We determined that six calls compose the most characteristic (more frequent) repertory of S. melanogaster, and these calls may have slight variations in shape, all with a strongly metallic timbre (Figs 8-15). The elements of the vocal repertory of xumanxu (calls, song introduction, and complete song) were practically the same among the individuals at the four sites, including female calls. The responses to playbacks of S. melanogaster and xumanxu songs were reciprocal, and we interpreted them as very aggressive, typical of intraspecific interactions.

We observed several intra- and inter-specific behaviors of the four males of xumanxu. During a period of about two hours, male 1, accompanied by a female, was observed defending its territory from a satellite S. melanogaster male. In all the interactions, male 1 chased away its potential competitor.

Observed for three consecutive days, male 2 apparently was not paired with a female and defended a territory between those of two typical adult S. melanogaster males. It attempted repeatedly to approach females, but was chased away by neighboring males. Male 2 remained singing in its territory for more than a month, and its main song perch was the inflorescence of an Eryngium pandanifolium in the wetland interior.

Male 3 was observed systematically for more than two weeks. It was paired with a female. It did not sing much, dedicating most of its time to foraging and disputing with other males, mostly those with typical S. melanogaster plumage. Males of Sporophila caerulescens (Vieillot, 1823) and S. hypoxantha were clearly more tolerated. Its female was also seen chasing other males of S. melanogaster and S. hypoxantha away from the nest, when she was building the nest and incubating eggs.

Male 4, also paired with a female, defended its territory in the middle of a wide wetland. It was surrounded by at least three territories belonging to males with typical S. melanogaster plumage. It was very aggressive towards other males, always chasing them away when its territory was invaded. Although most of its plumage was light-brown, it intimidated neighbors with full nuptial plumage.

Two xumanxu nests were monitored. They had the same shape and size as the nests of S. melanogaster (n = 64). There was a strong resemblance in the vegetation structure and composition chosen for the nest location by both phenotypic forms.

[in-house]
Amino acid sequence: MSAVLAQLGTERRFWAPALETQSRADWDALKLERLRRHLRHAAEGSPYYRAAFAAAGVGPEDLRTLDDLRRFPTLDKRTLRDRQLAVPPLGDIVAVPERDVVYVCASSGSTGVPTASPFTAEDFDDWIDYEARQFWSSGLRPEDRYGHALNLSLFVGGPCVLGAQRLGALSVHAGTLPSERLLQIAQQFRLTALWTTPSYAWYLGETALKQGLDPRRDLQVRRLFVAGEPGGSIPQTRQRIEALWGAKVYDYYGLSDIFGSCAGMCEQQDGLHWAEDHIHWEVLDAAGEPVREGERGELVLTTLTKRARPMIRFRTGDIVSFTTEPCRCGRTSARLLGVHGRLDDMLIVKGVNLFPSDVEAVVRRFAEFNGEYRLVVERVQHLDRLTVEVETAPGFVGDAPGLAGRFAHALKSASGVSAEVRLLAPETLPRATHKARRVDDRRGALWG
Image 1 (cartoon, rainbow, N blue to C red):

Based on results we rejected the VSH for xumanxu, and considered it as a color morph (CMH) of S. melanogaster.



Historically, plumage variations in Sporophila have usually been attributed to hybridization or aberrant plumage (SICK, 1963; SHORT, 1969; DE LAS CASAS, 2004). Based on the plumage color pattern, hybridization of S. cinnamomea vs. S. melanogaster would be a possible explanation for the xumanxu phenotype. However, this hypothesis was rejected a priori since the two species have allopatric breeding sites (see BENCKE et al., 2003; REPENNING et al., 2010). Another possible hypothesis is that the xumanxu is a color morph of S. cinnamomea. This hypothesis must also be rejected, based on the allopatric distribution between S. cinnamomea and xumanxu. Because S. melanogaster and xumanxu have the same habitat preference and occur syntopically, have the same vocal repertory, and show the same behavior we considered xumanxu as a color morph (CMH) of S. melanogaster.

Traditional taxonomic evaluations laid much emphasis on male plumage coloration patterns in Sporophila (TODD, 1915; HELLMAYR, 1938; GILLIARD, 1946; MEYER DE SCHAUENSEE, 1952; NAROSKY, 1977; OLSON, 1981; STILES, 2004). Adopting this same approach it would be probable that if one male specimen of xumanxu had been collected in the past, it would have been described as a new species, based on the plumage diagnosis (Typological Concept), as occurred with S. melanops (Pelzeln, 1870) or even with S. zelichi (NAROSKY, 1977; ARETA, 2008).

The absence of spatial segregation (distribution and habitat) between S. melanogaster and xumanxu reinforces the CMH. SICK (1967) and ARETA (2008) argued that habitat segregation is the most important mechanism for isolating breeding populations among Sporophila species. The entire population of S. melanogaster occurs in the highest parts of the southern Brazilian highlands (FONTANA et al., 2008) and is sharply segregated, both spatially and with regard to habitat use, from other Sporophila species, especially from the most closely related S. hypoxantha and Sporophila bouvreuil pileata (Sclater, 1864) (REPENNING et al., 2010). It would not make sense if only the rare xumanxu differed from this pattern, and was the only species with a completely syntopic occurrence.

Evaluation of the vocal repertory proved to be an useful tool for testing the taxonomic status of xumanxu such as observed for other closely related species (ARETA 2008; ARETA et al., 2011). The lack of detectable variations in the vocalizations of S. melanogaster and the strong similarity to those of xumanxu support the CMH. In contrast to what we know about vocalizations of other congeners, especially non-capuchinos, and even of other oscines, which mimic sounds from allospecific species (KROODSMA, 1996; THOMAS, 1996; SICK, 1997), S. melanogaster/xumanxu did not use any note that could be considered an imitation of another bird. This suggests that the species may have some genetic predisposition for learning notes or syllables only from conspecifics.